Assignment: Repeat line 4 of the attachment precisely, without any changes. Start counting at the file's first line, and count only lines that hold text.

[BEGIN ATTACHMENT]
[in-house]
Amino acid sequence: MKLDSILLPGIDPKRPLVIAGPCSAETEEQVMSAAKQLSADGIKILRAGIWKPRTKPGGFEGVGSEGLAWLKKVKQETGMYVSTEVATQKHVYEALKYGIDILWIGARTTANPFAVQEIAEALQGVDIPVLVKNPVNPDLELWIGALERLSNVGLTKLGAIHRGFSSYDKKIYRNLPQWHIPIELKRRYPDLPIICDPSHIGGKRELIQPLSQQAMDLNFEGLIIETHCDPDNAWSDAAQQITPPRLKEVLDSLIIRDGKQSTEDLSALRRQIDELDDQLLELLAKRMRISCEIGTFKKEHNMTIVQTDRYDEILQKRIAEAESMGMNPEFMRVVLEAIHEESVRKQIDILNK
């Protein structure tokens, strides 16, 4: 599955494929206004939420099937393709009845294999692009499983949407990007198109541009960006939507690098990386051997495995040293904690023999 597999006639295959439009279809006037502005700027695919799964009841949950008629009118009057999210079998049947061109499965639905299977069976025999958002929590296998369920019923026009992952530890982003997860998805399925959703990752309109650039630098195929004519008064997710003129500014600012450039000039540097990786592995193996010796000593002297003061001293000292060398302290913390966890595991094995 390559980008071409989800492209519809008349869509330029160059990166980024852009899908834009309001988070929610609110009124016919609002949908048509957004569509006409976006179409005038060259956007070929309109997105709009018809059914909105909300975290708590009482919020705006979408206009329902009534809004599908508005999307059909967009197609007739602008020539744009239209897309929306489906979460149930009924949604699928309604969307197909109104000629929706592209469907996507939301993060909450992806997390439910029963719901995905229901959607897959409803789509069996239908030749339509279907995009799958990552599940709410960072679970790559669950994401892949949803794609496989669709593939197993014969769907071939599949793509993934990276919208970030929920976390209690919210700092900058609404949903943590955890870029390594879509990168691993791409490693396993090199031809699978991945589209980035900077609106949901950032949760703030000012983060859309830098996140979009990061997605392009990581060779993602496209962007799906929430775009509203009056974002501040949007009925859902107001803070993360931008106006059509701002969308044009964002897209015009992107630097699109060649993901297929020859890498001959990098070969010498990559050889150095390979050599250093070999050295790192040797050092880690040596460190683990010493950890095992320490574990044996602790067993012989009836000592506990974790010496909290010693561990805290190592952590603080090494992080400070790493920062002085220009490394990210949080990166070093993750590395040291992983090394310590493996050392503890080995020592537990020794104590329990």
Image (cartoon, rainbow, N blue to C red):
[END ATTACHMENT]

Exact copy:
Image (cartoon, rainbow, N blue to C red):